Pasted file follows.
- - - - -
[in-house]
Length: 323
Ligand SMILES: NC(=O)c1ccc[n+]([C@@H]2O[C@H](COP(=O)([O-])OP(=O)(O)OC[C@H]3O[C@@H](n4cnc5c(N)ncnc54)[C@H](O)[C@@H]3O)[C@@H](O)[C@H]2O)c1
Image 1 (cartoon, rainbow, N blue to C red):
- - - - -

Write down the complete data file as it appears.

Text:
[in-house]
Length: 323
Ligand SMILES: NC(=O)c1ccc[n+]([C@@H]2O[C@H](COP(=O)([O-])OP(=O)(O)OC[C@H]3O[C@@H](n4cnc5c(N)ncnc54)[C@H](O)[C@@H]3O)[C@@H](O)[C@H]2O)c1
Image 1 (cartoon, rainbow, N blue to C red):